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Dier Es Sultan

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Life on the Roof of the Church of the Holy Sepulcher

Location – Church of the Holy Sepulcher

Map Coordinates - 31.778460, 35.229556

Jerusalem speaks with many voices. Nowhere is this more in evidence than in the Church of the Holy Sepulcher. Ever since the fourth century AD, there have been monks from the African country of Ethiopia who have lived in Jerusalem. Ethiopian monks are still here in a very primitive monastery.

Where is it? Somewhere close to the Holy Sepulcher church? No. They actually live on the roof of the church. The monastery is called Deir es-Sultan, and the Ethiopians have been here on the roof ever since the year 1654 AD.

The Huts.

About twenty monks live here in tiny little huts that resemble the kind of clay homes that you might find in Africa. They’ve been on this roof since the sixteenth century. But because this little monastery receives almost no help from their mother country, Ethiopia, the monks here live quietly in poverty, and life for them changes very slowly. It’s very cold here in the winter. Sometimes there is no running water or electricity. And when it rains the water pours into the rooms where the monks live. 

The Dome.

The entire monastery occupies a little less than half an acre. In the middle of this courtyard is a small domed structure, part of the roof of the Chapel of Saint Helena directly below. It is believed that this rooftop used to be the dining room of the Crusaders when the Church of the Holy Sepulcher was rebuilt in the 11th century. During festivals, such as Easter, this rooftop is filled with Christians who make a pilgrimage from Ethiopia to Jerusalem.


The Doors In and Out of the Monastery.

There is a door on the north side of this courtyard that leads not only to the Egyptian Coptic Patriarchate, but also the Ninth Station of the Cross, where it is said that Jesus fell a third time. The Coptic church actually has the keys to this door, because they own this monastery, and they allow the Ethiopians to live and worship here.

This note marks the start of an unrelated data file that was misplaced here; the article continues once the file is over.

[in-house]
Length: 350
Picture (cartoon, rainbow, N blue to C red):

There has been constant conflict between the Ethiopian Church and the Egyptian Coptic Church as to who owns this monastery, who should live there, and who should hold the keys. At this very moment, the Ethiopians live here, and the Egyptians have access to the main church through all of the doorways inside the monastery.

There is a doorway that leads into the two chapels in which the Ethiopians worship. The first is the Chapel of the Four Living Creatures, and down a flight of stairs is the Chapel of the Archangel Michael. At the very bottom visitors exit into the courtyard of the Church of the Holy Sepulcher.

The Chapel of the Four Living Creatures (upper level)

The Chapel of the Four Living Creatures is technically owned by the Egyptian Coptic Orthodox Church, but it is currently being used as a place of worship by the Ethiopian Orthodox Church. It is a very simple and humble chapel.

The Iconostasis.

In the front of the church is a wall with a door, leading into a small area called the sanctuary where there is the main altar of the chapel. It is a simple version of what we see in every eastern Orthodox church. The main worship hall represents the earth and its inhabitants. The sanctuary behind the wall represents heaven, and the wall between them marks the separation between earth and heaven. Only the Ethiopian priests are allowed to go through that door and access the main altar.

The Queen of Sheba Painting.


On the wall is a 20th-century painting - a scene that is based on a Biblical story from 1 Kings 10:1-13 and in 2 Chronicles 9:1-9. It’s a picture of the Queen of Sheba visiting King Solomon, and she is bearing gifts for him. She came from Ethiopia to the land of Israel, and she wanted Solomon to “prove his wisdom” by asking him some very difficult questions.

According to tradition, the queen then converted to Judaism, and went back to her home country in northern Ethiopia, where she required that her entire country follow all of the Jewish laws. 


Jesus talks about this Queen of Sheba, calling her the queen of the south. Even the first-century Jewish historian, Flavius Josephus refers to her. (Antiquities 8:165–173). Although this woman isn’t named in the Bible, the Ethiopians call her Makeda.